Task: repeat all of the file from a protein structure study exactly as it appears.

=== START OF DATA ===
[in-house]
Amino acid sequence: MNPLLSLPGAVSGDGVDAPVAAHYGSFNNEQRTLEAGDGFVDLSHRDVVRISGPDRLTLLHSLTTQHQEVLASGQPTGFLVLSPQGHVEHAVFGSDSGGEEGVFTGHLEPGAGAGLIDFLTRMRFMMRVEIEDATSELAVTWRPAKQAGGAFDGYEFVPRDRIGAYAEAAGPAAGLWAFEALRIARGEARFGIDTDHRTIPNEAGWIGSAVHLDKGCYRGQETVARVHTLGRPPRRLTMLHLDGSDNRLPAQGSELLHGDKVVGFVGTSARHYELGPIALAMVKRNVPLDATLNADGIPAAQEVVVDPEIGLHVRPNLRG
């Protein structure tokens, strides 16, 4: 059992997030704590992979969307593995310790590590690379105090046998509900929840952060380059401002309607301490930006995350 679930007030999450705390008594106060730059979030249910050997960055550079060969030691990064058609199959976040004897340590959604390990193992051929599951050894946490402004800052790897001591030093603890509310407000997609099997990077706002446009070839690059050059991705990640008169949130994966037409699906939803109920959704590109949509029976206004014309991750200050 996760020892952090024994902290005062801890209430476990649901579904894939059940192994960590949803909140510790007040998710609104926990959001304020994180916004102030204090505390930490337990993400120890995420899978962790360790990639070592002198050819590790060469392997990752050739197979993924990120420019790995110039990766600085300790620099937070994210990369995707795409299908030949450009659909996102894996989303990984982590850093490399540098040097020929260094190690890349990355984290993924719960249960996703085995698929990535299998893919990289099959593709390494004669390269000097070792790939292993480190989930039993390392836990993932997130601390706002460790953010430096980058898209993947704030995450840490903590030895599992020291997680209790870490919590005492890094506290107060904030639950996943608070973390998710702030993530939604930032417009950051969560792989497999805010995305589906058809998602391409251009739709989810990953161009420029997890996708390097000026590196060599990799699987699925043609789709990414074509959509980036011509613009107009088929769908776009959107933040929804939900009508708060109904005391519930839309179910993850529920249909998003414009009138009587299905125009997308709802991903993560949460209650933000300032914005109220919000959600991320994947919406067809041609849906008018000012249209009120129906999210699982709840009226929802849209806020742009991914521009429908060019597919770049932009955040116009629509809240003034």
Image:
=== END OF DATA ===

[in-house]
Amino acid sequence: MNPLLSLPGAVSGDGVDAPVAAHYGSFNNEQRTLEAGDGFVDLSHRDVVRISGPDRLTLLHSLTTQHQEVLASGQPTGFLVLSPQGHVEHAVFGSDSGGEEGVFTGHLEPGAGAGLIDFLTRMRFMMRVEIEDATSELAVTWRPAKQAGGAFDGYEFVPRDRIGAYAEAAGPAAGLWAFEALRIARGEARFGIDTDHRTIPNEAGWIGSAVHLDKGCYRGQETVARVHTLGRPPRRLTMLHLDGSDNRLPAQGSELLHGDKVVGFVGTSARHYELGPIALAMVKRNVPLDATLNADGIPAAQEVVVDPEIGLHVRPNLRG
């Protein structure tokens, strides 16, 4: 059992997030704590992979969307593995310790590590690379105090046998509900929840952060380059401002309607301490930006995350 679930007030999450705390008594106060730059979030249910050997960055550079060969030691990064058609199959976040004897340590959604390990193992051929599951050894946490402004800052790897001591030093603890509310407000997609099997990077706002446009070839690059050059991705990640008169949130994966037409699906939803109920959704590109949509029976206004014309991750200050 996760020892952090024994902290005062801890209430476990649901579904894939059940192994960590949803909140510790007040998710609104926990959001304020994180916004102030204090505390930490337990993400120890995420899978962790360790990639070592002198050819590790060469392997990752050739197979993924990120420019790995110039990766600085300790620099937070994210990369995707795409299908030949450009659909996102894996989303990984982590850093490399540098040097020929260094190690890349990355984290993924719960249960996703085995698929990535299998893919990289099959593709390494004669390269000097070792790939292993480190989930039993390392836990993932997130601390706002460790953010430096980058898209993947704030995450840490903590030895599992020291997680209790870490919590005492890094506290107060904030639950996943608070973390998710702030993530939604930032417009950051969560792989497999805010995305589906058809998602391409251009739709989810990953161009420029997890996708390097000026590196060599990799699987699925043609789709990414074509959509980036011509613009107009088929769908776009959107933040929804939900009508708060109904005391519930839309179910993850529920249909998003414009009138009587299905125009997308709802991903993560949460209650933000300032914005109220919000959600991320994947919406067809041609849906008018000012249209009120129906999210699982709840009226929802849209806020742009991914521009429908060019597919770049932009955040116009629509809240003034």
Image: